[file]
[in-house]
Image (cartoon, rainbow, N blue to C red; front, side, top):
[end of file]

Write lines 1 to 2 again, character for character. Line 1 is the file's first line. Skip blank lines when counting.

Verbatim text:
[in-house]
Image (cartoon, rainbow, N blue to C red; front, side, top):